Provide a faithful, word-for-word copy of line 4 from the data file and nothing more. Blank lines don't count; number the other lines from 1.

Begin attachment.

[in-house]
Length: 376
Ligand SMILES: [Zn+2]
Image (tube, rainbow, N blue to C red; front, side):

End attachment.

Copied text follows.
Image (tube, rainbow, N blue to C red; front, side):